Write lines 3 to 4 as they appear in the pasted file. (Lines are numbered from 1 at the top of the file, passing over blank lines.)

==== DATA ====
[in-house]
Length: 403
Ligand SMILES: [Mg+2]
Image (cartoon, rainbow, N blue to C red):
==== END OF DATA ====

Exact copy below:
Ligand SMILES: [Mg+2]
Image (cartoon, rainbow, N blue to C red):